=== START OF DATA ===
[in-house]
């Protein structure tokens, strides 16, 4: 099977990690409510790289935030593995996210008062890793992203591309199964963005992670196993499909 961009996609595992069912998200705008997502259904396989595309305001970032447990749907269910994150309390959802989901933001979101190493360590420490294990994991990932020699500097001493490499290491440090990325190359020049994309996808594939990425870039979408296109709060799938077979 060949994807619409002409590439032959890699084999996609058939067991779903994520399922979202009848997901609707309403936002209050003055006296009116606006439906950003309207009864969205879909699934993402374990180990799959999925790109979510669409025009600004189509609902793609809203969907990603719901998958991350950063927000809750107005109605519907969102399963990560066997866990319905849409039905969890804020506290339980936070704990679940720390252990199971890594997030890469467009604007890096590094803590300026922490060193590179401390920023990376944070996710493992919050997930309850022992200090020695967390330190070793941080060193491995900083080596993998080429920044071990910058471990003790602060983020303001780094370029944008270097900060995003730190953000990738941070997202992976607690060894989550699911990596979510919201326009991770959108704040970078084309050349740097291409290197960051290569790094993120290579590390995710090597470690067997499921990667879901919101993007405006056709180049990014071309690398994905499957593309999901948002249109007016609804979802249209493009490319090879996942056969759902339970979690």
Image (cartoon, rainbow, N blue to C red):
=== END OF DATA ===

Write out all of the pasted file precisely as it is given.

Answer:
[in-house]
């Protein structure tokens, strides 16, 4: 099977990690409510790289935030593995996210008062890793992203591309199964963005992670196993499909 961009996609595992069912998200705008997502259904396989595309305001970032447990749907269910994150309390959802989901933001979101190493360590420490294990994991990932020699500097001493490499290491440090990325190359020049994309996808594939990425870039979408296109709060799938077979 060949994807619409002409590439032959890699084999996609058939067991779903994520399922979202009848997901609707309403936002209050003055006296009116606006439906950003309207009864969205879909699934993402374990180990799959999925790109979510669409025009600004189509609902793609809203969907990603719901998958991350950063927000809750107005109605519907969102399963990560066997866990319905849409039905969890804020506290339980936070704990679940720390252990199971890594997030890469467009604007890096590094803590300026922490060193590179401390920023990376944070996710493992919050997930309850022992200090020695967390330190070793941080060193491995900083080596993998080429920044071990910058471990003790602060983020303001780094370029944008270097900060995003730190953000990738941070997202992976607690060894989550699911990596979510919201326009991770959108704040970078084309050349740097291409290197960051290569790094993120290579590390995710090597470690067997499921990667879901919101993007405006056709180049990014071309690398994905499957593309999901948002249109007016609804979802249209493009490319090879996942056969759902339970979690």
Image (cartoon, rainbow, N blue to C red):